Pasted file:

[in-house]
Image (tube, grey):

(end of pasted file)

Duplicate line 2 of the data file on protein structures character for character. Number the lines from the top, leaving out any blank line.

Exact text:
Image (tube, grey):